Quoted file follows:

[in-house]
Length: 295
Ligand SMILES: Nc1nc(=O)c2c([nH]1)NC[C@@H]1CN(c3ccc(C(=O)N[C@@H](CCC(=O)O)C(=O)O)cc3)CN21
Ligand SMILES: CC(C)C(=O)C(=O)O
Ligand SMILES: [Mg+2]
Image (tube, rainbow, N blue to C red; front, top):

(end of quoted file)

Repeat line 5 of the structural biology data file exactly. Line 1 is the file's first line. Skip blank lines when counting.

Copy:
Ligand SMILES: [Mg+2]